Small Adjustment Big Future Impact

Small Adjustment Big Future Impact

Financial Transparency

Trustees review financial adjustments and table actions amid pandemic

Small steps. The FreeState Board of Trustees is proposing small steps to make a significant impact on the cooperative’s revenue to meet future lending requirements. Just not right now. 

The board of trustees understands that now is not the time to make any adjustments due to the ongoing COVID-19 pandemic. That is why the nine trustees made the decision to table any adjustment to the Electric Service Charge (ESC), the fixed charge every member pays to the cooperative monthly. 

The board did discuss a plan that will be implemented at a later date. The plan is to make small incremental adjustments to the ESC. The small steps will prevent having to make one significant change at a later date. 

The ESC is a fixed amount per rate class that provides revenue for the cooperative to cover the cost of materials like poles, wire, transformers and other infrastructure items. It also includes operation and maintenance costs. 

“The board diligently calculated all possibilities,” said Jeanine Murphy, board president. “We looked at many scenarios because we wanted to hold off as long as we could because we know that this is not the best time to make these adjustments during a global pandemic.” 

“But, the fact of the matter is that we must do something very soon,” Murphy added. “If we don’t act in the near future, we’ll have to make even bigger changes later and if we are going to have to adjust, we want to make small incremental adjustments to help minimize the financial impact to our members.” 

“It is not doom and gloom, by any means,” said Steve Foss, CEO. “This is a necessary measure for us. Because we must maintain financial security and we need to look at all avenues to do that without raising kilowatt-hour rates, and if we can do that with small incremental adjustments to the electric service charge, then that’s what we will do.” 

The proposed adjustment is not a rate change. Your cooperative has kept costs consistent for years. Members have not seen any adjustment since 2010 (East District, previously LJEC) and 2012 (West District, previously Kaw Valley). For a decade there have been no changes, but neighbors powered by the investor-owned utility have seen 39 rate changes in that same amount of time.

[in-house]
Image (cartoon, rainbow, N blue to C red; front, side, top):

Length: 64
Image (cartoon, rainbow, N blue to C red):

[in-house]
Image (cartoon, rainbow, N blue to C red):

“No changes to rates or service charges for a decade is quite an accomplishment,” Foss added. “But things are changing. Costs are rising.”

Financial Factors are Changing

Cooperative revenue has been on the decline. It’s a trend that does not seem to be changing. 

“There are many factors that contribute to the decreased revenue,” Foss said. “Weather is a factor, energy efficiency is a factor, and renewable options for our members have increased significantly. These are great for our members, but we have seen an overall drop in revenue and our financial forecasts are telling us we need to act now to maintain stability and keep pushing that costly cost of service study out as far as possible.”

The proposal for the ESC adjustment comes after the Revenue Requirement Study FreeState entered in March. Jill Taggart, finance manager, led the study to determine what exactly was needed in order to meet the revenue requirements from lenders and the USDA Rural Utilities Service.

“Cooperative finances can be complex,” said Taggart. 

The costs of a typical distribution cooperative like FreeState are put into areas identified as operation and maintenance (O&M), overhead, and capital costs. There are also many factors that make up the cost structure like line density, or members per mile of line, service territory, labor costs and the infrastructure supply chain. 

“One ratio we focus on is TIER,” said Taggart. “It is our financial ratio that measures our financial health and ability to meet our interest expense on long-term debt. It compares our margins with interest expenses.” 

“This is what allows the cooperative to borrow money when needed,” Taggart added. “We have minimum requirements that must be maintained with our lenders, so consequently TIER is used as one of the many appropriate measures to setting revenue requirement.”

The decrease in revenue and the financial forecasts are showing that will change if actions are not taken. 

Recovering from the Pandemic

“The goal is stability in a time of uncertainty,” said Foss. “Right now, we know things are uncertain, there is more unknown than known as we look at recovering from the pandemic economically.” 

“The pandemic response has impacted everyone,” Foss added. “When businesses aren’t able to operate, they don’t use electricity; when schools are closed, they don’t use electricity — that all contributes to a decline in sales and we know that is something we have to account for.” 

Foss also added that FreeState did not disconnect accounts for non-payment until June 1, and no penalties or late fees were assessed during that time. 

“We just don’t know what economic recovery looks like, and we don’t want to put any added pressure on our members,” said Foss. “But we do want to remind our members that bills are not going to disappear, we’re just allowing more time for members to get payment to us.” 

“We wanted to go ahead and talk about this plan and to make sure our members were prepared and that we were up front and transparent about the financial standing of the cooperative,” Foss added. “We will not make any adjustments until we are able to fully communicate, but we wanted our members to be aware of what is on the table for the near future.”

Members facing financial hardships due to lack of work or illness associated with the pandemic, or as a result of state and county orders for citizens to stay home for extended periods of time are encouraged to call the office at 800-794-1989 to discuss options for assistance. 

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